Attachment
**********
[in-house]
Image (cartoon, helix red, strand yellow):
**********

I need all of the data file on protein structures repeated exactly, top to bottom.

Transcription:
[in-house]
Image (cartoon, helix red, strand yellow):